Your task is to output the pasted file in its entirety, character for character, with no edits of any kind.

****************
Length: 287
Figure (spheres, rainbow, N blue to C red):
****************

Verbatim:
Length: 287
Figure (spheres, rainbow, N blue to C red):